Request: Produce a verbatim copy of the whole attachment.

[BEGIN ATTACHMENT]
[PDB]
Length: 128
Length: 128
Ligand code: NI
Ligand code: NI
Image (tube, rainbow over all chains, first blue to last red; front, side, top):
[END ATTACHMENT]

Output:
[PDB]
Length: 128
Length: 128
Ligand code: NI
Ligand code: NI
Image (tube, rainbow over all chains, first blue to last red; front, side, top):